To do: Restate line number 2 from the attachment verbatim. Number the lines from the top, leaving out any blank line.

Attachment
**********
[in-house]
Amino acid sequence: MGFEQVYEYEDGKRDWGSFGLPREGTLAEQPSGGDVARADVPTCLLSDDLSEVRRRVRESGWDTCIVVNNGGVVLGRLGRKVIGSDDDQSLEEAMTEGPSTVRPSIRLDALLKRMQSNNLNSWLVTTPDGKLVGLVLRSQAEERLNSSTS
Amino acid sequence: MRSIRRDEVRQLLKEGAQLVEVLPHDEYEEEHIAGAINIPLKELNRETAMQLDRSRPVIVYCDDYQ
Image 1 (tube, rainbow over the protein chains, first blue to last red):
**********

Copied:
Amino acid sequence: MGFEQVYEYEDGKRDWGSFGLPREGTLAEQPSGGDVARADVPTCLLSDDLSEVRRRVRESGWDTCIVVNNGGVVLGRLGRKVIGSDDDQSLEEAMTEGPSTVRPSIRLDALLKRMQSNNLNSWLVTTPDGKLVGLVLRSQAEERLNSSTS